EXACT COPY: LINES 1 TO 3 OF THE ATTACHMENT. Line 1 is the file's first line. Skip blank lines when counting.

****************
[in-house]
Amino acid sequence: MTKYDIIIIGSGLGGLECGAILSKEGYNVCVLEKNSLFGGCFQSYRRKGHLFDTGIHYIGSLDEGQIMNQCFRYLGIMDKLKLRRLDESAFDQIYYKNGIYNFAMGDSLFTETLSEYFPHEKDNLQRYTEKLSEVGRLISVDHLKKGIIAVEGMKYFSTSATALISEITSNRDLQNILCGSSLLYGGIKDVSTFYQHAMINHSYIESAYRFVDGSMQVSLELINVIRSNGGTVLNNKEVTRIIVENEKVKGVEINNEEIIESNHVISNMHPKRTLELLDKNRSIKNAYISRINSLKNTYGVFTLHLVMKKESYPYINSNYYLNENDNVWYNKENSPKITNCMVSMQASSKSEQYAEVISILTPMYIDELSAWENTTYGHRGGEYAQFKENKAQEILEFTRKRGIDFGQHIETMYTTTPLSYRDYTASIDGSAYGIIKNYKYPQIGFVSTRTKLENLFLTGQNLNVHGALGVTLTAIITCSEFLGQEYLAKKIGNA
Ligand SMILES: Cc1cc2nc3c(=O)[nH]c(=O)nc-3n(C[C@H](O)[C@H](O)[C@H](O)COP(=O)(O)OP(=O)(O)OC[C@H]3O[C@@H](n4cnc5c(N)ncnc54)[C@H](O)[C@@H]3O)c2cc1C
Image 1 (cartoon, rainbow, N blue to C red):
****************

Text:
[in-house]
Amino acid sequence: MTKYDIIIIGSGLGGLECGAILSKEGYNVCVLEKNSLFGGCFQSYRRKGHLFDTGIHYIGSLDEGQIMNQCFRYLGIMDKLKLRRLDESAFDQIYYKNGIYNFAMGDSLFTETLSEYFPHEKDNLQRYTEKLSEVGRLISVDHLKKGIIAVEGMKYFSTSATALISEITSNRDLQNILCGSSLLYGGIKDVSTFYQHAMINHSYIESAYRFVDGSMQVSLELINVIRSNGGTVLNNKEVTRIIVENEKVKGVEINNEEIIESNHVISNMHPKRTLELLDKNRSIKNAYISRINSLKNTYGVFTLHLVMKKESYPYINSNYYLNENDNVWYNKENSPKITNCMVSMQASSKSEQYAEVISILTPMYIDELSAWENTTYGHRGGEYAQFKENKAQEILEFTRKRGIDFGQHIETMYTTTPLSYRDYTASIDGSAYGIIKNYKYPQIGFVSTRTKLENLFLTGQNLNVHGALGVTLTAIITCSEFLGQEYLAKKIGNA
Ligand SMILES: Cc1cc2nc3c(=O)[nH]c(=O)nc-3n(C[C@H](O)[C@H](O)[C@H](O)COP(=O)(O)OP(=O)(O)OC[C@H]3O[C@@H](n4cnc5c(N)ncnc54)[C@H](O)[C@@H]3O)c2cc1C